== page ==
We had a 3 pound piece of belly leftover from the pork belly with mustard greens we did the other day in the pressure cooker. I’ve done homemade bacon before but this time I wanted to try it with the pink salt cure. This one sat in the fridge with a cure of brown sugar, kosher salt, and a little pink salt. We applied the cure as a dry rub, bagged it it plastic and let it go for a week, turned over daily. Here it is after the week was up, rinsed and air drying. Overnight drying is best but 4 hours will do.After the slab dried it was rubbed with maple sugar and coarse black pepper and placed into the smoker at 175 degrees for a few hours. It still hadn’t reached an internal temp of 150 but I didn’t want it too smoky so it was finished in the oven indoors. It was cooled to room temp, bagged in plastic, and put back into the fridge for another overnighter.It wants to be chilled for easier slicing. One of the benefits of home curing is that you can slice it as thick as you want it. I’m a little disappointed in what Kroger sells as “thick sliced”.The maple sugar in the finish turns a nice crusty caramel color when frying. I have one more half slab of pork belly in the freezer, I’m tempted to pull it and start more bacon.
Lots of love out there for thin crust pizza but we really like these cheese crust pies with plenty of toppings. This one has sausage, prosciutto, onions, mushrooms, and pepper rings. We use the snack type string cheese to roll in the edges, it comes in various flavors and types but get the good stuff to be sure it melts nicely.I like to brush garlic infused olive oil on the crust edge and then give it a generous sprinkle of kosher salt.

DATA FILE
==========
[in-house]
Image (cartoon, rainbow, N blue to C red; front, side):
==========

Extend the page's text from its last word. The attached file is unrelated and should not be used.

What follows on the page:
This has a generous rub of ground coriander seeds, coarse black pepper, kosher salt, and garlic powder. I made several slits all over the shoulder and inserted whole cloves of garlic – more than a dozen, you can see one there amid the pulled meat. It spent the night in the smoker, set at a low temp, I doubt it made it to 200. It sat on a rack over a pan of apple juice to help provide moisture, and I expect the reduced and defatted juices will make a delicious addition to the pork. It has turned windy and cool and made cooking to a finish in the smoker too long a process to contemplate so I brought it in to the oven. It hit 160 and I pulled it to cool. I did take a sample, because.. smoked pork! I used apple wood and cherry for the smoke.
This is the start of what may become a continuing series. I’ve been enjoying various whole grain or “stone ground” mustards, you may have spotted some of them on various sammiches I’ve pictured here and elsewhere. It’s not a thing that I thought about before but I have been seeing mentions here and there of making your own condiments-relishes, ketchup, pickles of many varieties. I saw a recipe for a mustard made with dark (stout) beer and decided to give it a go.
I’ve lost the link to the recipe so I’ll reproduce it here:
12 oz stout beer
1-1/2 c black mustard seeds (whole)
1 c red wine vinegar
1 T kosher salt
1 t ground back pepper
1/4 t ground cinnamon
1/4 t ground cloves
1/4 t ground nutmeg
1/4 t ground allspice
Combine all the above in a stainless or other inert bowl, cover with plastic wrap and let sit at room temperature for 24-48 hours. Dump it all after the soaking into a food processor or blender and pulse until the seeds are coarsely ground and the mixture thickens. Ready for use immediately or store in refrigerator for six months.